To save African elephants, the illegal poaching for their ivory tusks and encroachment into their habitats must be stopped. But how can this be accomplished when demand for ivory by China and the Far East continues to find this trade so lucrative? One way is to attend this year's Paul Winter Summer Solstice Celebration at St John the Divine in NYC, June 22, 2013.
Always known to change things up, Paul Winter's Consort is adding the "Song of the Elephant" to this year's concert repertoire. It was inspired by and interweaves the powerful vocalizations of the African forest elephants.
It will feature the amazing artistry of tuba master Marcus Rojas accompanied by actual elephant recordings from famed biologist Joyce Poole, who has been recording in the Amboseli National Park in Kenya for 30 years.
This piece will be dedicated to the individuals and organizations working to end the horrendous slaughter of the African elephants that has become epidemic, due to increasingly high prices for ivory, and the growing mania for ivory religious icons and trinkets throughout the world.
A staggering 62 percent vanished from central Africa between 2002 and 2011, according to a study conducted by 60 scientists. It was the largest research project ever followed in the central African forests, where elephants are being poached out of existence.
An elephant’s tusks have become bling for consumers who have no idea or simply don’t care that it was obtained by inflicting terror, "horrendous pain and death on thinking, feeling, self-aware beings."
Poaching is big business, involving organized-crime cartels every bit as ruthless as those trafficking narcotics, arms and people. Existing international laws against money laundering should be used to catch and prosecute these criminals.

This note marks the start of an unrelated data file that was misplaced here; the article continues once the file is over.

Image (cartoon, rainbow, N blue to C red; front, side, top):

If you are a fan or potentially a would-be convert to the music of Paul Winter, I strongly suggest you consider attending this very important concert. There you will reap a two-fold benefit of not only listening to the artistry of the Paul Winter Consort but it will also provide you with an opportunity to help stop elephant poaching.
"I have for years wanted to create an album of music celebrating elephants, since having heard in the 1980s the alluring low-frequency rumbles of elephants recorded by my friend Katy Payne (whom I knew from her previous work with the humpback whale)," said Winter.
"As a musician, there is something I know I can do, and that is bring to the world, through music, the voices of these extraordinary and beleaguered beings."
"I hope to complete the album by late summer. I'm approaching it as a corollary to our long-growing "Flyways" album, about the great bird migration from Africa through the Middle East to Eurasia," adds Winter.
Migrating through the Great Rift Valley, one of the most important bird migration corridors in the world. Winters' proposed project will celebrate the great bird migration between Africa, the Middle East and Eurasia.
Here you can listen to Paul Winter speak about flying over Israel with the migrating storks, as they soared on the thermal currents coming up from the valley below. From that experience came the idea to create a musical chronicle of all the birds that participate in one of nature's most unique spectacles. Weaving the voices of the birds and then blending their sounds with cultural music from all the countries they soar over -- is for anyone that knows -- what Paul Winter does best.
For those that want to contribute to help save the elephant cause in addition to other wildlife, Winter suggests you look at the work being done at the Wildlife Conservation Society by Samantha Strindberg and Fiona Maisels. At their site, you will be able to sign a petition that is being sent to Congress to support this cause -- in addition to contributing to the cause here.